Steinke RJ (1982) STGSTK: a computer code for predicting multistage axial flow compressor performance by a meanline stage stacking method. NASA TP-2020Google Scholar
  5. 5.
    Miller DC, Wasdell DL (1987) Off-design prediction of compressor blade losses. IMechE C279(87):249–260Google Scholar
  6. 6.
    Wright PI, Miller DC (1991) An improved compressor performance prediction model. IMechE C423(028):69–82Google Scholar
  7. 7.
    Schmidt JF (1995) Off-design computer code for calculating the aerodynamic performance of axial-flow fans and compressors. Report No. NASA CR-198362. NASA Lewis Research Center, Cleveland, OhioGoogle Scholar
  8. 8.
    Smith LH (1966) The radial-equilibrium equation of turbomachinery. J Eng Power 88(1):1–12CrossRefGoogle Scholar
  9. 9.
    Novak RA (1967) Streamline curvature computing procedures for fluid-flow problems. J Eng Power 89(4):478–490Google Scholar
  10. 10.
    Denton JD (1978) Throughflow calculations for transonic axial flow turbines. J Eng Power 100(2):212–218CrossRefGoogle Scholar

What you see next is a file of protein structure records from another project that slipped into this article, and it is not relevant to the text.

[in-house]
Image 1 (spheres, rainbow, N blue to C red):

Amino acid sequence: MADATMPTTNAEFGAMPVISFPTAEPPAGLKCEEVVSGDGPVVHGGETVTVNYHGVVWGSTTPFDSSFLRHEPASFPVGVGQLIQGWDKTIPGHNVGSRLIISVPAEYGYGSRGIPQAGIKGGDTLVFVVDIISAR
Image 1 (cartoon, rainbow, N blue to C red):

11. 11.
    Petrovic MV, Wiedermann A (2015) Fully coupled through-flow method for industrial gas turbine analysis. In: Proceedings of ASME Turbo Expo 2015, Montréal, CanadaGoogle Scholar
  12. 12.
    Belamri T, Galpin P, Braune A, Cornelius C (2005) CFD analysis of a 15 stage axial compressor: Part I—Methods. In: Proceedings of ASME Turbo Expo 2005, Reno, Nevada, USAGoogle Scholar
  13. 13.
    Ikeguchi T, Matsuoka A, Sakai Y, Sakano Y, Yoshiura K (2012) Design and development of a 14-stage axial compressor for industrial gas turbine. In: Proceedings of ASME Turbo Expo 2012, Copenhagen, Denmark, USAGoogle Scholar
  14. 14.
    Cornelius C, Biesinger T, Galpin P, Braune A (2013) Experimental and computational analysis of a multistage axial compressor including stall prediction by steady and transient CFD methods. J Turbomach 136(6):061013CrossRefGoogle Scholar
  15. 15.
    Ghorbanian K, Gholamrezaei M (2007) Axial compressor performance map prediction using artificial neural network. In: Proceedings of ASME Turbo Expo 2007, Montreal, CanadaGoogle Scholar
  16. 16.
    Yu Y, Chen L, Sun F, Wu C (2007) Neural-network based analysis and prediction of a compressor’s characteristic performance map. Appl Energy 84(1):48–55CrossRefGoogle Scholar
  17. 17.
    Kong C, Ki J, Kang M (2003) A new scaling method for component maps of gas turbine using system identification. J Eng Gas Turbines Power 125(4):979–985CrossRefGoogle Scholar
  18. 18.
    Kong C, Ki J (2007) Study on component map identification from gas turbine performance deck data using hybrid method. Int J Turbo Jet Engines 24(3–4):171–182Google Scholar
  19. 19.